The £450m initiative that targets intensive support at the 120,000 families with the most entrenched problems, such as long-term parental unemployment, antisocial behaviour and children not attending school, will now work with an additional 40,000 families in 2014/15.
Last June, the government announced it would pump an extra £200m into expanding the programme in 2015/16 so that it would reach a potential 400,000 additional families.
The announcement in the Budget will mean councils can start working with some of these additional families a year earlier than planned.
David Simmonds, chairman of the Local Government Association’s children and young people board, said the announcement was recognition by the government of councils’ good work under the programme.
“The commitment to enable councils to help more families access the Troubled Families programme earlier will mean we are able to do more of the essential work that has already seen 62,000 families getting the help that they need,” he said.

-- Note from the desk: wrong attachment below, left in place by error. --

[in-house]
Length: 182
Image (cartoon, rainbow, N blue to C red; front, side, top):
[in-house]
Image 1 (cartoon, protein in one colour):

“We will now look to work with the government on the details to ensure that there is as little bureaucracy around the programme as possible so that councils can continue to lead the process and concentrate their efforts on helping families.
"The success of the Troubled Families programme should serve as a lesson to the rest of government in the savings and improvements to public services that can be achieved by adopting a community budget approach to delivering other local services."
Under the programme councils front 60 per cent of the cost of working with families, with the government paying the remaining 40 per cent based on results against seven improvement criteria.